Stu Hutson 352-392-0400
John Hayes email@example.com, 352-846-0643
GAINESVILLE, Fla. — Upside-down and flat on the sandy soil, the bucket trap has done its job.
Surrounded by forest studded with goldenrods and the lavender spikes of blazing star, Lori Wendland slowly and reverently tips the 10-gallon plastic bucket to one side.
Where she’s at is one of the few pieces of bona fide wild Florida left — and the University of Florida doctor of veterinary medicine is never exactly sure what she’ll find.
From under the bucket, she pulls a shell the size of a square shoebox. Holding it up like an oversized sandwich, she eyeballs the gopher tortoise face-to-face.
“When they’re sick, their eyelids get all puffy and their noses run — just like us,” She said. “But that’s a rarity at Ordway-Swisher. They’re away from all the stuff that people do that helps makes them sick. That’s one reason why the area’s so important.”
From swamps to sandhills, the Ordway-Swisher Biological Station spans one of the rarest collections of unadulterated land types in the nation — a precious rarity that makes it the perfect laboratory for measuring effects of environmental change.
Now, The Nature Conservancy is gifting the 3,000 acres of the Carl Swisher Memorial Sanctuary to the University of Florida Foundation to ensure that the pristine landscape will be protected in perpetuity.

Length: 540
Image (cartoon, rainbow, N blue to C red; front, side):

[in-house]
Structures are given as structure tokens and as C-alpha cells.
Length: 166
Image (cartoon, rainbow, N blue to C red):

The estimated value of this land gift was included in the total contributions received and counted toward the UF’s “Florida Tomorrow” campaign goal announced at the Sept. 28 kickoff event. The campaign is an effort to secure private resources to support UF projects that will benefit the Sunshine State for years to come.
“There are economically oriented people who have estimated that the value of the Swisher tract would be roughly $11 million,” said John Hayes, chairman of UF’s wildlife ecology and conservation department. “But in terms of the ecological, scientific and educational value of the site, it’s priceless.”
The Ordway-Swisher Biological Station was so named in November 2006 as a formalization of joint efforts within The Nature Conservancy’s Swisher tract and the UF Foundation’s Katharine Ordway Preserve. Together, these areas encompass more than 9,100 acres.
This past summer, the station was tagged by the National Science Foundation to be its core site for monitoring ecological processes and environmental change in the southeastern United States as a part of the National Ecological Observatory Network (NEON).
NEON will be the first national interdisciplinary research program to track the status of the natural world. The designation could mean multimillion-dollar infrastructure investment for the station, followed by at least 30 years of funding.
“This program is going to be one of the biggest investments that the federal government makes for ecological science that we will see in two or three decades,” Hayes said. “The transfer of Swisher tract to UF ownership of the Station and was an important step in the NSF’s decision to select the Ordway-Swisher to serve as its core site.”
One of the tremendous values of the Swisher tract is its pristine wetland areas that have been protected from fertilizer and pesticide runoff.
“Florida’s wetlands are some of our most unique and valuable assets,” said Mel Sunquist, program director for the station. “Studying what they’re like here in many ways gives us a measuring stick for studying wetland ecological health everywhere else.”